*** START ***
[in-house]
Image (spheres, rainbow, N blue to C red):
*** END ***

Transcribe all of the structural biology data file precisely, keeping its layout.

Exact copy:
[in-house]
Image (spheres, rainbow, N blue to C red):